Brough Lodge was built in c 1820 for Arthur Nicolson, who enclosed the Fetlar lands for sheep and evicted the tenants. In 1825 Nicolson took the title Baronet of Nova Scotia, a family title which had lapsed on the death of the 6th Baronet in 1743. The Nicolson family, long-established in Shetland, owned large areas of land, including Papa Stour. However, they only acquired the Fetlar lands in 1805, which were received in payment of a debt owed to Arthur Nicolson by Andrew Bruce of Urie (d.1803).
Initially, Nicolson lived in the Haa at Urie before building Brough Lodge. The main entrance to this castellated, Gothic house lay on the south side. The roof was crenellated all around with bartizans at each corner. Nicolson built The Tower, c 1840 on the site of an Iron Age broch, 'situate on the top of a small hill; the walls entirely in ruins; without any outworks as its situation did not require them' (Low, 1879). A stair-tower adjoined the tower. Nicolson also built another folly, the Round House at Gruting, which seems originally intended as a summer house but came to be used as the estate rent office. Local tradition recounts that it was built out of stones from evicted tenants' houses. Sir Arthur only spent one night there and heard strange noises during the night. Thereafter he was dissuaded from staying at Gruting. The noises were rumoured to be the curses of tenants cleared from the land.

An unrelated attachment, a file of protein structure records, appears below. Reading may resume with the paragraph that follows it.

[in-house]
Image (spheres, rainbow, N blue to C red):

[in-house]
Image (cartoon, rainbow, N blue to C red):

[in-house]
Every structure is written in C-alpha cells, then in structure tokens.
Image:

When Arthur Nicolson died in 1863, the title passed to his cousin Arthur Bolt Nicolson, who spent much of his life in Australia. He became Commissioner of Goldfields and died in Australia in 1879. Despite returning briefly to Britain, it is unlikely that he ever visited Fetlar. The estate itself was settled on Lady Eliza Jane Nicolson (d.1891), Arthur Nicolson's widow, who lived in Cheltenham. On her death the estate passed to Arthur T.B.R. Nicolson (1842-1917), Arthur Bolt Nicolson's son, who had inherited the title. In 1891 he was living with his family at Fetlar, which was in a poor condition, having been neglected by absentee ownership. Arthur T.B.R. Nicolson, born in Australia and educated at Melbourne College, was a Justice of the Peace for Victoria and, later, Shetland. He married Annie Rutherford (d.1930), who maintained a detailed diary of life at Brough and on Fetlar recording how the Brough landscape accommodated golf, tennis, fishing and shooting (Brough Lodge Trust).
When Nicolson died in 1917, the estate continued in the Nicholson family. Brough Lodge has been unoccupied since 1988 and the outbuildings used for agricultural storage